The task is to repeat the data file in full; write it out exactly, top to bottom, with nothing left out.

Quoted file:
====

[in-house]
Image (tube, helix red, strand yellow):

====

[in-house]
Image (tube, helix red, strand yellow):